Books·How I Wrote It

How Louise Penny keeps Armand Gamache fresh after 13 books

Glass Houses was written at a time of personal tragedy. Here's how the residents of Three Pines got Louise Penny through a difficult time.
Glass Houses is the 13th book in Louise Penny's bestselling Armand Gamache crime series. (Raincoast Books)

Glass Houses is Louise Penny's 13th book in the Armand Gamache series, which takes place in a warm, eccentric, tight-knit community known as Three Pines. Inspired by Knowlton, the small Quebec village the author calls home, Penny's beloved cast of characters have weathered many storms together — Glass Houses may present the most treacherous one yet.

Penny was caring for her husband, Dr. Michael Whitehead, while writing Glass Houses. Michael died from dementia in 2016. In her own words, she discusses the creative process behind the book during that difficult time.

Taking refuge in Three Pines

"I wasn't sure I would be able to write, particularly in the last couple of months, as [Michael's health] got worse and worse. But writing turned out to be a real harbour for me. I would get up early, about 5:00 a.m., and spend an hour looking after Michael's needs. I would feed and walk the dog and at 5:30 a.m. or so, I would be at my laptop with a cup of coffee and Michael safe in bed. It would be my quiet time and I would spend two or three hours writing. It was so peaceful and such a relief to be writing about these characters whose company I genuinely enjoy.

"It's so easy with any disease, and certainly with dementia, to have it consume your entire life. I was so lucky that I work from home and that I had this corner of my life that was mine. It gave me sanity. It gave me a sense of purpose, other than as a caregiver. Being a caregiver is exhausting emotionally and physically. Writing reminded me that I am me and I am a human being and not simply a caregiver. It was creative, something positive and forward looking."

Creating a community

"Everything I created in Three Pines was done selfishly. I created a village I would choose to live in. I populated it with people I would choose as friends; many characters are friends and are inspired by real people. I realized that this was a wonderful moment in my life, that I am like anybody else and everybody is like me. We all want the same thing: we want friends, we want love, we want companionship, we want a sense of belonging, we want to feel safe. That's what Three Pines provides. By safety I don't mean that nothing bad will ever happen, it means that when bad things inevitably happen we will be able to recover from it because we have a community there behind us. Three Pines isn't immune to bad things at all obviously. But what it has is an ability to recover from them to move forward."

Making new challenges

"The challenge with a series, particularly one set in essentially the same place with most of the same characters, is not becoming unintentionally formulaic. It's important to me as a writer to keep challenging myself and one setting that we haven't seen Gamache in is the courtroom. Clearly as the head of the Sûreté he would have to testify in court, so I thought that would be an interesting setting for him. The other thing I thought would be interesting would be to turn the story inside out and pretty much start at the end. They're in the courtroom. He's testifying in the murder trial and we see in flashbacks what happened, but we don't know who the defendant is. This was hugely challenging structurally and for pacing, but it was also amazing fun to have Gamache in that setting. The start of Glass Houses was wanting to begin in the courtroom, wanting to start at the end, and then the story evolved from there."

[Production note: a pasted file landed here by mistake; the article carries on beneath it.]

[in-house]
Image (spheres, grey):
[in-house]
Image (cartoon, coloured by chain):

How to build suspense

"You have to care about the character. There has to be something at stake. If a complete stranger is threatened, you hope as a human being you care about this other human being, but there isn't that spasm deep down that might occur when someone you care about is in danger. What I hope to do is create caring first, so that there is a consequence to whatever is going to happen; not an intellectual one, but one that you feel in gut. To do that, you need a relationship with the character so that they feel like friends or, at the very least, acquaintances. What I try to do is drop that fourth wall, have readers feel, not that they're voyeurs, but that they are actually walking through the action with these characters. I want people to be almost yelling at the books, 'Stop it! Don't open that door! Don't go in there!' What's important to me is that there be an emotional resonance to what's happening, that it not simply be a cat and mouse intellectual game."

Louise Penny's comments have been edited and condensed.


To encourage thoughtful and respectful conversations, first and last names will appear with each submission to CBC/Radio-Canada's online communities (except in children and youth-oriented communities). Pseudonyms will no longer be permitted.

By submitting a comment, you accept that CBC has the right to reproduce and publish that comment in whole or in part, in any manner CBC chooses. Please note that CBC does not endorse the opinions expressed in comments. Comments on this story are moderated according to our Submission Guidelines. Comments are welcome while open. We reserve the right to close comments at any time.

Become a CBC Member

Join the conversation  Create account

Already have an account?